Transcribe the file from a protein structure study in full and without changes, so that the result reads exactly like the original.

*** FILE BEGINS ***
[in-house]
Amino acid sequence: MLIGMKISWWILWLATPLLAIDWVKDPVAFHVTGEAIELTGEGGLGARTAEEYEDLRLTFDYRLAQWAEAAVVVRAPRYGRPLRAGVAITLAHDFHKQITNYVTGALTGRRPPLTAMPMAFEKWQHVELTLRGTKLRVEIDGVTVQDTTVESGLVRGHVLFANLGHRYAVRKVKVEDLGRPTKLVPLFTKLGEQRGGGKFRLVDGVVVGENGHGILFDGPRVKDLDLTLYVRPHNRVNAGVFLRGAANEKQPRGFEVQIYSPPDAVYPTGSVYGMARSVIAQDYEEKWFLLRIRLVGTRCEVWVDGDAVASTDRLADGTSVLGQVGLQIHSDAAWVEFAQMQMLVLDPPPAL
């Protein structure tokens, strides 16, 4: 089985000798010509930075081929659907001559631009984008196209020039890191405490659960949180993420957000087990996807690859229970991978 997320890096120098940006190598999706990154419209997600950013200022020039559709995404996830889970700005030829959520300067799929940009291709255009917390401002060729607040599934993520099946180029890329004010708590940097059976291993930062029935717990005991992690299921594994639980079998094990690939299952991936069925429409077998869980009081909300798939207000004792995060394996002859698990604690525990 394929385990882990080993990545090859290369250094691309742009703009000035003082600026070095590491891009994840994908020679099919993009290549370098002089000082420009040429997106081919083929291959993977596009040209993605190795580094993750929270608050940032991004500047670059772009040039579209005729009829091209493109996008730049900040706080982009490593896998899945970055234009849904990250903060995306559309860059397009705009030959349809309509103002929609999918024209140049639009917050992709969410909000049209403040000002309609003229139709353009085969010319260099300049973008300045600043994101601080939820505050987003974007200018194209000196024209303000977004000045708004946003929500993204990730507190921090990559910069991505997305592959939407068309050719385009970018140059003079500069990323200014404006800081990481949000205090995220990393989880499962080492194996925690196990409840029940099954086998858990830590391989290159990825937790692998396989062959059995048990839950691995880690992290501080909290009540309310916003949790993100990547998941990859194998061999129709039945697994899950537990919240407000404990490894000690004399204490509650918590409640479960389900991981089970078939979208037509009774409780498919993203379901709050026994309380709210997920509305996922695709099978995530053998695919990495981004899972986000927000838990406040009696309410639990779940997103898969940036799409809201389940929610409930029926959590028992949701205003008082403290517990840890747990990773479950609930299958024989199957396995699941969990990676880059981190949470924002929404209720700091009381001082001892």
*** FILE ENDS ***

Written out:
[in-house]
Amino acid sequence: MLIGMKISWWILWLATPLLAIDWVKDPVAFHVTGEAIELTGEGGLGARTAEEYEDLRLTFDYRLAQWAEAAVVVRAPRYGRPLRAGVAITLAHDFHKQITNYVTGALTGRRPPLTAMPMAFEKWQHVELTLRGTKLRVEIDGVTVQDTTVESGLVRGHVLFANLGHRYAVRKVKVEDLGRPTKLVPLFTKLGEQRGGGKFRLVDGVVVGENGHGILFDGPRVKDLDLTLYVRPHNRVNAGVFLRGAANEKQPRGFEVQIYSPPDAVYPTGSVYGMARSVIAQDYEEKWFLLRIRLVGTRCEVWVDGDAVASTDRLADGTSVLGQVGLQIHSDAAWVEFAQMQMLVLDPPPAL
């Protein structure tokens, strides 16, 4: 089985000798010509930075081929659907001559631009984008196209020039890191405490659960949180993420957000087990996807690859229970991978 997320890096120098940006190598999706990154419209997600950013200022020039559709995404996830889970700005030829959520300067799929940009291709255009917390401002060729607040599934993520099946180029890329004010708590940097059976291993930062029935717990005991992690299921594994639980079998094990690939299952991936069925429409077998869980009081909300798939207000004792995060394996002859698990604690525990 394929385990882990080993990545090859290369250094691309742009703009000035003082600026070095590491891009994840994908020679099919993009290549370098002089000082420009040429997106081919083929291959993977596009040209993605190795580094993750929270608050940032991004500047670059772009040039579209005729009829091209493109996008730049900040706080982009490593896998899945970055234009849904990250903060995306559309860059397009705009030959349809309509103002929609999918024209140049639009917050992709969410909000049209403040000002309609003229139709353009085969010319260099300049973008300045600043994101601080939820505050987003974007200018194209000196024209303000977004000045708004946003929500993204990730507190921090990559910069991505997305592959939407068309050719385009970018140059003079500069990323200014404006800081990481949000205090995220990393989880499962080492194996925690196990409840029940099954086998858990830590391989290159990825937790692998396989062959059995048990839950691995880690992290501080909290009540309310916003949790993100990547998941990859194998061999129709039945697994899950537990919240407000404990490894000690004399204490509650918590409640479960389900991981089970078939979208037509009774409780498919993203379901709050026994309380709210997920509305996922695709099978995530053998695919990495981004899972986000927000838990406040009696309410639990779940997103898969940036799409809201389940929610409930029926959590028992949701205003008082403290517990840890747990990773479950609930299958024989199957396995699941969990990676880059981190949470924002929404209720700091009381001082001892």